To begin with, a vignette of modern family life:
The kids are old enough to stay with relatives for a few days, so Mum and Dad head off somewhere nice for a well-earned break. Parental relief is tinged with a bit of guilt, but when they return they find that their children haven’t missed them at all. In fact, the little horrors have had a brilliant time – playing all day, roaming around unsupervised and staying up way past their bedtime!
“Don’t get used to it,” says Dad. “You’re back home now and don’t you forget it,” says Mum.
Something analogous could await our cities if Labour returns to power. For the last five years, the likes of Manchester and Liverpool have enjoyed more control over their affairs than at any point in living memory. As I’ve argued before on the Deep End, the decentralisation of political power is one of the Coalition’s most important, but least recognised, achievements.
Fortunately, there are those on the Labour side who recognise the significance of what’s been going on. One of them is Michael Taylor, the party’s candidate in Hazel Grove. Writing for the Guardian, he wonders why more people haven’t noticed:
“I missed the party. How was it?
“You know, the one that celebrated the announcement that Greater Manchester’s devolution settlement was edging ever further to bringing local control closer to our needs? The one that toasted how Devo Manc isn’t a sleight of hand, but seems to be bringing real power, real budgets, real control and real autonomy to a city region government, controlled in time by a directly elected Mayor. That party?”
Though some may regard the empowerment of city government as a Tory trick, Taylor reminds his readers that this is a movement with broad-based support:
“…the report that really raised the bar for an audacious devolution settlement was Andrew Adonis’s Growth Review. That was in time trumped by Respublica’s DevoManc project, which the Greater Manchester Combined Authority commissioned, and had a contented seal of approval from the most powerful figures in the city region, the Labour leader of Manchester City Council, Sir Richard Leese, and his head of civil service, Sir Howard Bernstein.”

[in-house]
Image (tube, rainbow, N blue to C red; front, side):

It would have been nice to credit the Government’s City Deals programme too – which has turned at least some of the talk into action – but, of course, Mr Taylor is a Labour candidate and there is an election on.
Nevertheless, he makes a welcome appeal to his own side to support the general thrust of decentralisation:
“It should be an issue bubbling under this election, something that will inject energy and excitement into public life, in the way the Scots embraced politics last summer. The opportunity not just to elect a new government, but a new way of doing politics closer to where decisions are made.”
Taylor blames any lack of enthusiasm on “cynicism and scepticism.” But might complacency also be a danger? Far from being respected by a new government in London, local Labour leaders in Manchester and other cities may find themselves back on a short leash.
In theory, Ed Miliband’s Labour Party leans further towards localism than the control-freakery of the Blair and Brown era. But whoever forms the next government, we shouldn’t forget that the ‘Whitehall Party’ will remain in place. The centralising instincts of the civil service will prevail unless the right ministers in the right positions fight the good fight.
Though a joint effort, the last five years of progress would not have been made without these ministerial champions. A change of government would mean that they’d be moving on – and unless they’re replaced with new champions, our city leaders could find themselves treated like children again.